Bake about 10 minutes, until the sides look dry and no longer shiny. Remove the weights and the foil, prick the bottom of the crust in several places with the tines of a fork and bake for about 10 minutes more, until the bottom loses its shine and the crust is pale golden-blond. Do not expect it to brown.
Remove the pan to a rack. The hot crust may be filled immediately, or left at room temperature for up to 8 hours before filling.
Put the sugar, cubed butter, and almond paste in the work bowl of a food processor fitted with the steel knife, and process until well combined and creamed. Add 1 egg to the work bowl, process to combine, then add the second egg and process until smooth. Add the rum and almond extract, then process until incorporated. Use the filling immediately.
Bake 25–30 minutes, until evenly browned, turning the tart after 15 minutes to insure even coloring. While baking, the filling will puff up like a soufflé.
Remove the tart to a rack to cool completely. As it cools, the filling will sink back down level with the crust. When entirely cool, remove the outer ring from the pan by centering the tart on your palm or a heavy can.
The tart may be left 8–12 hours at room temperature before adding the fruit topping.
Finish the tart no more than 2–3 hours before serving, lest the fruit wilt.
Melt the jam in a small heavy pot over low heat until liquid. Cover the pot to keep the jam liquid while you cut the fruit.
With a small sharp knife peel the kiwis and cut off the ends. Slice into even rounds ⅜ inch thick. Peel the banana, remove any fibrous strings, then slice on a slight diagonal into oblongs 1–1¼ inches long and ⅜ inch thick, to match the kiwis. Once the banana is cut, work quickly to apply the glaze.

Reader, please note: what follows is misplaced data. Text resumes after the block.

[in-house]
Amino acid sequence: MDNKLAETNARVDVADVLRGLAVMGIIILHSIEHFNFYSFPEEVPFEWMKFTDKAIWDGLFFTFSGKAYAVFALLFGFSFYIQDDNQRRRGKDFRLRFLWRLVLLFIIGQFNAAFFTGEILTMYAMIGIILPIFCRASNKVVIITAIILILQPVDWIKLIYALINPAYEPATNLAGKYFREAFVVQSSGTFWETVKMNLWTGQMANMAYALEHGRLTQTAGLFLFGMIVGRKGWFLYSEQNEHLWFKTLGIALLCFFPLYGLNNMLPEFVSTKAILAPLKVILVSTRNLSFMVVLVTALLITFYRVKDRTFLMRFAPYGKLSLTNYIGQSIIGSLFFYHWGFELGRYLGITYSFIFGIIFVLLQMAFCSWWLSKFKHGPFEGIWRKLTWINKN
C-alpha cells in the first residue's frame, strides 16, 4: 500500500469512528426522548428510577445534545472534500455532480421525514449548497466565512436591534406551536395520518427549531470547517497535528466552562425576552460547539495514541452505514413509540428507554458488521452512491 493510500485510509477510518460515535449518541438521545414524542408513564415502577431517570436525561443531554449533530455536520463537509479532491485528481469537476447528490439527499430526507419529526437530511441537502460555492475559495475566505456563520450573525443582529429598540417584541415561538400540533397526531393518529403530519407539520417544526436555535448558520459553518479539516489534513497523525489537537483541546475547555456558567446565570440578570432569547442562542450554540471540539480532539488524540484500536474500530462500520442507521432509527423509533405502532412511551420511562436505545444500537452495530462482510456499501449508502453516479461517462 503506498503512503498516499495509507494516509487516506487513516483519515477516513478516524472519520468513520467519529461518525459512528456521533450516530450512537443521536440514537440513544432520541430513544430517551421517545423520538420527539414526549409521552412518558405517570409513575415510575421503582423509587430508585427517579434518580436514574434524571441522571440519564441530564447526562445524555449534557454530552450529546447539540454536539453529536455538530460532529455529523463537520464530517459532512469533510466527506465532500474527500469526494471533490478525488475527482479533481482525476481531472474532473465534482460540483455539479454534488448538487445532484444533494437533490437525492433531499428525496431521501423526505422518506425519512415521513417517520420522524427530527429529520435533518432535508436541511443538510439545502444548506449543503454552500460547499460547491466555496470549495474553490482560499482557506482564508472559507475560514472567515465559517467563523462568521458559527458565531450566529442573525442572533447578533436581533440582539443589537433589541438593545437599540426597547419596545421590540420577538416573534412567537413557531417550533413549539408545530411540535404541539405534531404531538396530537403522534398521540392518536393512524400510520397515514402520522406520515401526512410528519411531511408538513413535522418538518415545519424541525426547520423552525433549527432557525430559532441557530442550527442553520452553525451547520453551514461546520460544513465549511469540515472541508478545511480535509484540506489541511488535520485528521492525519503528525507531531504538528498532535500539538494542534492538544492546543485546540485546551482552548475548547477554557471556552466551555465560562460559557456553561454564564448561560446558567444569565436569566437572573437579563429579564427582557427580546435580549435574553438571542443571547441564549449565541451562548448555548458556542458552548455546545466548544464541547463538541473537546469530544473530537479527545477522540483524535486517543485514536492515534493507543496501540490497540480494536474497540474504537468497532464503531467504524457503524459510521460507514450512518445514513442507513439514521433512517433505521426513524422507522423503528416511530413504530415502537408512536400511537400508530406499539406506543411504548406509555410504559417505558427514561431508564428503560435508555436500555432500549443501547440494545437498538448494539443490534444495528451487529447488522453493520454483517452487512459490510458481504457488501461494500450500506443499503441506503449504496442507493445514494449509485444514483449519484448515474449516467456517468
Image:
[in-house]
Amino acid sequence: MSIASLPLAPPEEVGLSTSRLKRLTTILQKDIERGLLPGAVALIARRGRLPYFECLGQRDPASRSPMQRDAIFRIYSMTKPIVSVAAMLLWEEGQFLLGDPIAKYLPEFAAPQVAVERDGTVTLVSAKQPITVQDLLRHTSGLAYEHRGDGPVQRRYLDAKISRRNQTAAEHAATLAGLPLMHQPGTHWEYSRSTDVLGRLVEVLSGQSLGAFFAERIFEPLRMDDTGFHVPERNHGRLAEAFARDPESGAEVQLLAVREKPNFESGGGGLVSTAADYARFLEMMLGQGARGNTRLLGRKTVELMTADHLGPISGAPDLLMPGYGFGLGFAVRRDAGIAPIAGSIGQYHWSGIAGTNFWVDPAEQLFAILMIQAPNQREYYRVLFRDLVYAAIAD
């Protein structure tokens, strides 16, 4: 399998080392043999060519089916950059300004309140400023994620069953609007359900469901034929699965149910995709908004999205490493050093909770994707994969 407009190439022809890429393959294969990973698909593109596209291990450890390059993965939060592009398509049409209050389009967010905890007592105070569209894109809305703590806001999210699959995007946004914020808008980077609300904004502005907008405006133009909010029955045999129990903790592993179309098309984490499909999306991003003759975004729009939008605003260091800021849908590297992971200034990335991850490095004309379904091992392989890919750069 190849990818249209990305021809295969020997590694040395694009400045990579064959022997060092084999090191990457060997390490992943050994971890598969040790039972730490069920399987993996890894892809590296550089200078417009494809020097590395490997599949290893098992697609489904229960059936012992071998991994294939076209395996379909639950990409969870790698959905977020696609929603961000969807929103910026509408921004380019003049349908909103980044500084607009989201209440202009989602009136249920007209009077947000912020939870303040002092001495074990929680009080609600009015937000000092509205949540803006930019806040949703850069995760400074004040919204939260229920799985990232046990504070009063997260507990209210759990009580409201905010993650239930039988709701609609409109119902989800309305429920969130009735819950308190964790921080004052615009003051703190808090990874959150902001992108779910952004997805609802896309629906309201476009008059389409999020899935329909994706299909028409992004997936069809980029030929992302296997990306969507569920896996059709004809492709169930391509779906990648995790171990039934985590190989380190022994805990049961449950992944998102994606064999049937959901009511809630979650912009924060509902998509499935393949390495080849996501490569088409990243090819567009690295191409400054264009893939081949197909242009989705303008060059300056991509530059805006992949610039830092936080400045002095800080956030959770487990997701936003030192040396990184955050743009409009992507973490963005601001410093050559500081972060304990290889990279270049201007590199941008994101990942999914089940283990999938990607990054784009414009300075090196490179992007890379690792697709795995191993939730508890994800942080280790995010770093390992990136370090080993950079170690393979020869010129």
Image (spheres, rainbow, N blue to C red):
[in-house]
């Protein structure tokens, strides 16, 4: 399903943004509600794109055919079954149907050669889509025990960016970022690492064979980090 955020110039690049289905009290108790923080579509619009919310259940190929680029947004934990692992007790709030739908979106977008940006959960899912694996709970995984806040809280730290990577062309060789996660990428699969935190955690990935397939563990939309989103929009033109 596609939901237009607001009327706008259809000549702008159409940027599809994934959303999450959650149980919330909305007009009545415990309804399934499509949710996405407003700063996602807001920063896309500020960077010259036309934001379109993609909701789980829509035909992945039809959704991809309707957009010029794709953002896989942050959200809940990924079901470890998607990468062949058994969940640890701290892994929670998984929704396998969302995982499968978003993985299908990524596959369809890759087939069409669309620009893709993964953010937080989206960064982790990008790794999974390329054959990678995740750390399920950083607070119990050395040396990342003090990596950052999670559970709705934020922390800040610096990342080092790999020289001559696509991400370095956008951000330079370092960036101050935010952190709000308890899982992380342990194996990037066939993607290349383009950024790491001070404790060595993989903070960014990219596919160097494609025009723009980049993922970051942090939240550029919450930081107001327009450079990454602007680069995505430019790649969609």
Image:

Using a 1–2-inch-wide pastry brush, spread the top of the tart with a very thin, even film of warm jam, to act as a “glue” for the fruit. Return the lid to the pot to keep the jam warm and liquid. Arrange the fruit slices in a slightly overlapping ring around the outside of the tart, using the kiwi slices around the first half, then completing the circle with banana. Arrange another ring of overlapping fruit slices inside the first, then fill in the center of the tart, placing the kiwi and banana in the yin-yang pattern. Do not forget to slip a slice of kiwi into the banana half of the tart, and vice versa.
When the pattern is complete and the tart is entirely covered with fruit, brush the tops and sides of each fruit slice with a thin, even glaze of jam and also brush the uppermost edge of the tart shell.
For maximum beauty, serve the tart within several hours of completing it. You may leave it uncovered before serving, or cover it with a domed lid.
To serve, slide the tart carefully off its metal base and onto a flat serving plate. If you feel hesitant, simply center it base and all on a doily-lined plate. Present the yin-yang intact, then slice a thin wedge of the yin banana and a matching wedge of the yang kiwi for each guest.
Leftover tart remains tasty for 2 days; however, its good looks quickly fade. Store at room temperature, sealed loosely but airtight with plastic wrap.
© 1982 Barbara Tropp estate. All rights reserved.